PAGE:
I recently bought 20 of the same '26650A' LiFePo4 from an eBay'er in China, so I'll be able to replace the existing unit with fresh cells. It also turned out to be 5 more cells than the original contains, so I'll be able to add about 25% more charge to my scooter.

But these cells are honestly terrifying - not that I've blown anything up yet, but 70 amps of continuous current per cell (5 cells series x 4 stacks in parallel)... mmmmm.. that about 280 amps @ 18VDC of kill your darn self if you're not careful. You can buy the cells from a 'developers kit' dealer that sells A123 cells with handy tabs, but they're really expensive. My cost for 20 was 80$ + 40$ s/h, waaaay cheaper than the 6 for $120 brand new. The ebay seller said they came from DeWalt 36V battery packs, and they do seem to be very fresh (good V, killer A) and essentially unused.

Needless to say, I will be soldering them with a full array of rubber protective gear.

Reply Score: 2

RE: Lithium ion batteries
by smashIt on Thu 23rd Jul 2009 09:36 UTC in reply to "Lithium ion batteries"
smashIt Member since:
2005-07-06

About a year ago, I purchased an electric scooter powered with really fancy Li-ion "nano-phosphate" LiFePo4 type:"rediculous" batteries.


LiFe cells can't explode like the old ones (the Fe is some kind of inhibitor for explosive reactions)
but as good as all modern cells have modified chemicals to reduce the risk of an explosion

Reply Score: 2

Quality Assurance problems abound
by porcel on Thu 23rd Jul 2009 09:25 UTC
porcel
Member since:
2006-01-28

I bought a Mac after a plethora of people singing the choir song of how easy to use it is. Well, it turns out that it doesn´t recognize the native resolution of any of my three 22" monitors and uses 1024x768 instead of the native resolution which is 1680x1050. Not only does not use the native resolution, it doesn´t support the built-in webcam. All of the monitors functions work fine in Linux and Windows.

I have found no workarounds or fixes online.

If this were linux, people would complain non-stop. Yet people put up with it because it seems that Apple can do no wrong.

And if this were Linux, I could probably hack xorg.cong and get it to work.

Why do I mention this? Because the fire hazards caused by Apple are just another example of poor Quality Assurance, just like not being able to work properly with standard monitors, an AOC and a viewsnonic.

As long as people are willing to pay much more money for stylish hardware without holding Apple responsible, this will not change. If I can´t fix my monitor display resolution, I will sell the Mac on ebay.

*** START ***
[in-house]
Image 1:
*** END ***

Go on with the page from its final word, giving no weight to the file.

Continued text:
Reply Score: 2

biffuz Member since:
2006-03-27

To connect the monitors to the Mac, are you using the same cables you use to connect them to the PC?

Reply Score: 1

David Member since:
1997-10-01

Mac OS x supports your monitors' resolution, so I'm not sure what the exact problem is, but it's likely a configuration or hardware (cable) problem, not an innate osx shortcoming.

Reply Score: 1

porcel Member since:
2006-01-28

Well, the only display resolution available in system preferences is 1024x768 and I have found no way to manually specify the supported resolution.

Don´t get me wrong, I have found OS X very stable, but I am not yet convinced of its viability given the lack of support for a lot of standard hardware that works easily in Linux and Windows. I love the monitors I have and I am not about to throw them out and buy Apple branded ones.

We are Linux integrators and have been doing Linux and Windows support for years. Yes, I used OS X for about a year to do web development four years ago. So we are not experts on OS X, but we are techies and OS X is sold as being really easy to use an should´t require an expert anyway.

Reply Score: 2

David Member since:
1997-10-01

I'm sorry you're having this problem. I've also been frustrated when I've felt that Apple has obfuscated some kind of function presumably in the name of making it more friendly for the n00bs. Usually, I'm able to find that someone somewhere who's smarter than me has already created a fix. Before you give up, you should search out some of the 3rd party screen resolution utilities like this one:
http://www.madrau.com/SRX3/html/SRX/whysr.html

Reply Score: 1

porcel Member since:
2006-01-28

Thanks for the suggestion. I will give it a shot later today.

My display issues have been the only real showstopper so far.

Reply Score: 2

Shocking Comment In Story ...
by Ranger on Mon 27th Jul 2009 01:35 UTC
Ranger
Member since:
2006-05-03

This quote:

“The feds, the government guys came in. They looked at this thing and they said, 'not yet. Might be a problem down the line if we get more information, but not yet.' We can’t ask this company to recall the product.'”

And to think that the same governemt, through a different arm, wants to have life & death decsisions over healthcare?

Not trying to insert politics here, but I've always thought that the CPSC was pretty much a useless org that was never proactive, only reactive.

Even thought they're, 'supposed,' to be the advocate for the consumers.

Reply Score: 1